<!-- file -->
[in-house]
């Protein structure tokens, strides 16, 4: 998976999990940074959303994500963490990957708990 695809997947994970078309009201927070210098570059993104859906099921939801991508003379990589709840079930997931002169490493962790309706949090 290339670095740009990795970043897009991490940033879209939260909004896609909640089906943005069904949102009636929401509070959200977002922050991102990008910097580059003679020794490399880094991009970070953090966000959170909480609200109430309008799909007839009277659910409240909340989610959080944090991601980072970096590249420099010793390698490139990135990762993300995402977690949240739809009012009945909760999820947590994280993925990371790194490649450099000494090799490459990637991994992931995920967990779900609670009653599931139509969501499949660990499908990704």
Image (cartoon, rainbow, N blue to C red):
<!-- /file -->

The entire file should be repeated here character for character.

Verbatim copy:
[in-house]
């Protein structure tokens, strides 16, 4: 998976999990940074959303994500963490990957708990 695809997947994970078309009201927070210098570059993104859906099921939801991508003379990589709840079930997931002169490493962790309706949090 290339670095740009990795970043897009991490940033879209939260909004896609909640089906943005069904949102009636929401509070959200977002922050991102990008910097580059003679020794490399880094991009970070953090966000959170909480609200109430309008799909007839009277659910409240909340989610959080944090991601980072970096590249420099010793390698490139990135990762993300995402977690949240739809009012009945909760999820947590994280993925990371790194490649450099000494090799490459990637991994992931995920967990779900609670009653599931139509969501499949660990499908990704």
Image (cartoon, rainbow, N blue to C red):